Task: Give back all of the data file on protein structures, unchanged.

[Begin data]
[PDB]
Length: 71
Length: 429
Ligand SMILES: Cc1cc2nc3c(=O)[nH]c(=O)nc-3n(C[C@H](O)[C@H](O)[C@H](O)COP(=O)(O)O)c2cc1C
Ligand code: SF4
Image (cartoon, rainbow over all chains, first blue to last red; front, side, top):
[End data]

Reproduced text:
[PDB]
Length: 71
Length: 429
Ligand SMILES: Cc1cc2nc3c(=O)[nH]c(=O)nc-3n(C[C@H](O)[C@H](O)[C@H](O)COP(=O)(O)O)c2cc1C
Ligand code: SF4
Image (cartoon, rainbow over all chains, first blue to last red; front, side, top):